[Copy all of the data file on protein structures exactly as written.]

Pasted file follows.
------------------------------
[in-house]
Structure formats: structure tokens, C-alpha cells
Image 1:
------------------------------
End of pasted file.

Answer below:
[in-house]
Structure formats: structure tokens, C-alpha cells
Image 1: